- If you think the Pound is going to become stronger against the dollar (rise in value) then you would buy the GBP and sell the US dollar.
The general rule of thumb is if anything is going to cause uncertainty in a country it will lead to a weakening of their particular currency against the others. This will then cause traders to sell its currency and buy its trading pair. Here are a couple of real-life examples and how they may determine whether you buy or sell.
In the 2015 General Election the Tories are voted into power and things carry on as they have done (for better or worse) like they have for the previous five years. This causes stability. Confidence in the GBP is high as there is set to be continued economic growth. Traders on hearing this news may tend to buy British pounds.Alternatively if, in the 2015 General Election, a rainbow coalition is formed led by the Tories, but also made up of Lib Dems, Greens, SNP and UKIP. This new government is looked upon with a great deal of uncertainty around the world, mostly wondering how on earth UKIP and the Greens are ever going to agree on anything! However nobody knows what economic policies are going to be formed over the next five years and how the UK’s economy is going to perform under this new, patchwork government.
This would lead to traders selling the GB pound and buying other currencies, causing the Great British Pound to lose value against the dollar, yen, euro and any other major currencies.
JPY/USDLet’s escape abroad for a bit. The Japanese government announces measures to weaken the Yen in order to protect its exports to America, then you would buy US Dollars and sell the Yen.
In turn a large multi-national Japanese business completely pulls out its operations in America and returns home, converting all of its assets into yen then you would buy the Japanese currency and sell the American one, because the dollar will most certainly weaken against the yen.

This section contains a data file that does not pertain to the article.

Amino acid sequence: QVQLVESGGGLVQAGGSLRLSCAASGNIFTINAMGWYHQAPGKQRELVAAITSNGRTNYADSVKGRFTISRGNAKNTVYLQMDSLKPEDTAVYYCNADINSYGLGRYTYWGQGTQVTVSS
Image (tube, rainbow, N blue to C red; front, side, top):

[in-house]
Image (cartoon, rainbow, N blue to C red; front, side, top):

These are just two examples of what can happen and how it can affect a trader to buy or sell currencies.
So what causes currencies to strengthen and weaken against each other?
There are many reasons why currencies fluctuate in value against each other. These changes are determined by many different factors from government policy through to natural disasters. An announcement from the US government regarding export policies can see the dollar rise or fall dramatically against other currencies, while a natural disaster in Japan can seriously affect the performance of the yen in the forex market. Part of the skill in trading forex is analysing and predicting how a certain event is going to affect the world’s currencies. Nobody can predict a natural disaster, nor the reaction to a change in government. This is where the gambling aspect of forex trading kicks in. Will the exchange rate go up, or will it go down?
These events of course govern the actions of traders. If a natural disaster hits Japan and there is growing uncertainty surrounding its economy, for obvious reasons it may cause a mass-selling of Japanese yen. This will then have a knock-on effect of it
- All forex quotes are quoted at two prices a bid price and an ask price.
The bid price
- This is the price that your broker is willing to buy the base currency in exchange for the quote currency.
- The ask price
- This is the price your broker will sell the base currency in exchange for the quote currency.
- Because your broker is out to make money (and lots of it like you)